• 529 Plan Contributions. 529 Plans are tax-advantaged investment vehicles that encourage saving for higher education expenses. Consider contributing to a college-funding account this holiday season: “Parents, grandparents and other family members may find a contribution to an educational account more fulfilling than another toy or video game,” says Schaefer. “In some states, contributions may be state tax-deductible, so this gift benefits both the receiver and the giver!”

  • Charitable IRA Distributions. If you are over 70 ½, you may consider contributing to a qualified charitable organization directly from your IRA. “Older individuals who receive Required Minimum Distributions from their IRAs may find themselves in receipt of more cash flow than is necessary to sustain their lifestyle,” says Schaefer. “To exclude these excess funds from annual income, the account owner may wish to perform a tax-free Qualified Charitable Distribution (QCD).”

  • Annual Gifting. “Gifts of cash or investments totaling up to $14,000 per receiver are excluded from the federal gift tax. High Net Worth Gift-givers may decide to reduce their assets via the annual gift tax exclusion prior to their death,” says Schaefer.

4) Other Essentials:

  • Review your budget. Find a time this month to sit down and review you or your household’s budget for 2017. Mark down what worked, what didn’t work and any thoughts you have on revising the budget for 2018, if necessary.
  • Assess your estate documents. These are critical to check on at least an annual basis, especially if the past year has involved a major life event, such as a marriage, divorce, or any new children or grandchildren. Items to review include your will, trusts and beneficiary forms.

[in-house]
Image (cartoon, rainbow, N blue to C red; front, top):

These items can be both time consuming and confusing to charter on your own. To make checking these items off your to-do list a lot less stressful, schedule an annual review with your financial advisor. Need help finding an advisor? Find someone in your area here.

By carving some time out of your busy December schedule to take action on these items, you and your family will be set for a productive and organized start to the new year come January 1st.

Written by North Star Resource Group.

Source:

1IRS. “IRS Announces 2017 Pension Plan Limitations; 401(k) Contribution Limit Remains Unchanged at $18,000 for 2017.” IRS Newswire, https://www.irs.gov/uac/newsroom/irs-announces-2017-pension-plan-limitations-401k-contribution-limit-remains-unchanged-at-18000-for-2017. Accessed 23 November 2016.

2IRS. "IRS Announces 2018 Pension Plan Limitations; 401(k) Contribution Limit Increases to $18,500 for 2018." IRW Newswire, https://www.irs.gov/newsroom/irs-announces-2018-pension-plan-limitations-401k-contribution-limit-increases-to-18500-for-2018. Accessed 9 November 2017.

Financial Advisors do not provide specific tax or legal advice.  This information should not be considered as specific tax or legal advice. You should consult your tax or legal advisor regarding your own specific tax or legal situation.

North Star Consultants, Inc. - Insurance Products and Services. CRI Securities, LLC – Securities and Investments. Securian Financial Services, Inc. - Variable Products and Securities. North Star Resource Group offers securities and investment advisory services through CRI Securities, LLC and Securian Financial Services, Inc. CRI Securities, LLC is affiliated with Securian Financial Services, Inc. Members FINRA/SIPC. North Star Resource Group is not affiliated with Securian Financial Services, Inc. North Star Resource Group is independently owned and operated. North Star Resource Group| 2701 University Ave SE | Minneapolis, MN 55414. 1654750/DOFU 12-2016